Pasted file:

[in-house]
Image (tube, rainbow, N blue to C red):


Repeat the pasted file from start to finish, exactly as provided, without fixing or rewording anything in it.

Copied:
[in-house]
Image (tube, rainbow, N blue to C red):